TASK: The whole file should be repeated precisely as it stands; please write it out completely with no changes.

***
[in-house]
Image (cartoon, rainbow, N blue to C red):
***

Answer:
[in-house]
Image (cartoon, rainbow, N blue to C red):